The fact remains that the Nobel Committee has put a great additional burden on his shoulders. As if he did not have enough problems to deal with, he has to live up to the expectations of the prize, which no matter what one says about the selections over the years, it is one of the most important institutions in the Western world.
The important issue for the President now is how to harness the power of the award without succumbing to its potentially destructive expectations aspect. Let us face it, once behind closed doors, a Nobel Prize does not add any negotiating power to its recipient. What it does do is create a moment of aura at the very moment the award is conferred. The speech he will deliver at Oslo is the magical moment when the prize will literally have its most influence.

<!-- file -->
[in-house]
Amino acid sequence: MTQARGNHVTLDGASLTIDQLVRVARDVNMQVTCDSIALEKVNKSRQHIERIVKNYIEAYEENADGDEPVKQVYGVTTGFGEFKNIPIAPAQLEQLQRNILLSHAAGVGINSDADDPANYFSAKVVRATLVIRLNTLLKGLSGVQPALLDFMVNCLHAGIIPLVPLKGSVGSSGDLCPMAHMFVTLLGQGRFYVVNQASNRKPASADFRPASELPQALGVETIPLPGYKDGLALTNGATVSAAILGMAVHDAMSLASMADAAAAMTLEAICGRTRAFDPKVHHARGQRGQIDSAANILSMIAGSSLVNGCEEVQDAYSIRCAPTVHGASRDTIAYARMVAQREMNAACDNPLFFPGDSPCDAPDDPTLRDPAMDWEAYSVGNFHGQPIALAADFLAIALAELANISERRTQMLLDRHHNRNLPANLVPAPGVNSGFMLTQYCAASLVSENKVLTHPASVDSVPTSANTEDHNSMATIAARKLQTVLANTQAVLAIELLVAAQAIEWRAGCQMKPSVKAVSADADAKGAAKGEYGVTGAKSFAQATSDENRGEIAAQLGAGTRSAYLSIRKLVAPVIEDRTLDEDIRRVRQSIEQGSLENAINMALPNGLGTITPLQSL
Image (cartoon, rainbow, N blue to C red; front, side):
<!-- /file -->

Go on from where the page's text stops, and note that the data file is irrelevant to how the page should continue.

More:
Hence, in his speech he needs to outline two very specific initiatives. One which he has significant control over-such as a reduction in nuclear weapons and one of the important reasons he was awarded the prize-and one that is far more ambitious but which he intends to carry through. My recommendation would be the Arab-Israeli peace process because so much depends on it.
The author is also a professor of international relations at Lehigh University.